Whole Roasted Romanesco: Good Idea or A Waste of a Fine Vegetable?

Everyone’s roasting brassicas at the moment – Jamie Oliver, Julia Moskin in the NYT… they’re all at it, whether with cauliflower, broccoli or romanesco. A whole veg. done this way sounds tempting and should make a pretty dramatic statement. Worth a try?

I decided to give it a go with a single, beautiful head of romanesco.


This rather elegant member of the broccoli family always reminds me of the pictures in that great children’s book, The Biggest House in The World by Leo Lionni – the one about a snail who wriggled and wished and contorted himself in such a way that his shell sprouted the most beautiful excrescences, and his house was the envy of all and surely the biggest in the world (spoiler alert: it ended badly for him). Anyway, his shell grew lovely pointy bits, just like my romanesco.

snail - biggest house in the world-001


The recipe that pulled me in was by Julia Moskin in the New York Times. She used a cauliflower but I don’t care much for the flavour, preferring romanesco. I trimmed away all the greenery and removed most of the core, without allowing it all to unravel.


Then I laid it core side up in a roasting pan, dribbled my best Catalan olive oil over it so it crept into all the cracks and crannies, turned the romanesco right side up, dusted it with sea salt and put it to roast in the oven at 200C. After about 1 hour it looked like this.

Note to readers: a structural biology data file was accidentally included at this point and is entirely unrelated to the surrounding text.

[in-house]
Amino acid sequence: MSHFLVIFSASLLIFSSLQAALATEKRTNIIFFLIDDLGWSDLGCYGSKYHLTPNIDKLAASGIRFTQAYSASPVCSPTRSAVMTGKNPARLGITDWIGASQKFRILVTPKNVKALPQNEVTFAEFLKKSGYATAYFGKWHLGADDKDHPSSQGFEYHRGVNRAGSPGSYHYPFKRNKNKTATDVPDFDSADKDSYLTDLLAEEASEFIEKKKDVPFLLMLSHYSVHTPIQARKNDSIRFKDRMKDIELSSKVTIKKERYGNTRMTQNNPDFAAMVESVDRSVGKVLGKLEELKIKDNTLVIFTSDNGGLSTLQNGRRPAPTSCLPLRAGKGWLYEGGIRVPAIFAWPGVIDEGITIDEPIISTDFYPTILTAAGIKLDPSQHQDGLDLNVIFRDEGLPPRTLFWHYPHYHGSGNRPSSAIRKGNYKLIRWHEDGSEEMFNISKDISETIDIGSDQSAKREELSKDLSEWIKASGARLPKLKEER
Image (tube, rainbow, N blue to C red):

Another half-hour and I’m sorry to say here’s how it looked (I know, I know…)


To go with it I debated between the sauce suggested (toasted almonds, anchovy fillets, garlic, butter, olive oil and butter blended together with a splash of vinegar and some herbs) and my fave salsa romescothe kind they serve with calçots in Catalunya round about now (toasted almonds, peppers, tomatoes, garlic and olive oil). Romesco was tempting (romesco is always tempting) but the anchovy one won out – and gave me the chance to press into service some yummy little anchoas from L’Escala which found their way into my stocking this year.

And the verdict? Well as you can see the colour was dire. Sad to say, the taste wasn’t up to much either, altogether too cabbagey – as tends to happen when you cook brassicas to distraction. The anchovy sauce was a bit too salty and awfully grey. For next time I’m thinking steamed, so the romanesco keeps its bright verdant colour, and I’ll serve a splash of that glorious, sunset-red romesco sauce to go with it. Watch this space.


3 thoughts on “Whole Roasted Romanesco: Good Idea or A Waste of a Fine Vegetable?

  1. You’re right Sue, the result looks unappetizing. Last night I roasted cauliflower after having removed the core and separated the remainder into small pieces. I just added olive oil, salt and pepper. It turned out great; the only problem was that it shrunk drastically. Not cabbagey at all.

      1. No, no sauce Sue. But the dish I served it with (chicken thighs) had a sauce with lemon, anchovy, garlic, capers and red pepper flakes, so plenty of flavor on the plate. By the way, I just sent your Alsace restaurant piece to my niece; she’ll be there for a week in July (staying in Bergheim).

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